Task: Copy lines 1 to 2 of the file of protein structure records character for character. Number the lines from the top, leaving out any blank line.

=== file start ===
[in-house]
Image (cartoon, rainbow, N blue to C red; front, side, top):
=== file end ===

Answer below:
[in-house]
Image (cartoon, rainbow, N blue to C red; front, side, top):